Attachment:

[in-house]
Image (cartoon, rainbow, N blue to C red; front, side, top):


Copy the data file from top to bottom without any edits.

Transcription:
[in-house]
Image (cartoon, rainbow, N blue to C red; front, side, top):